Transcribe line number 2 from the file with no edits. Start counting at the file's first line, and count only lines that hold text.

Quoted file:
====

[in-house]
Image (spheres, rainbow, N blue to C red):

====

Image (spheres, rainbow, N blue to C red):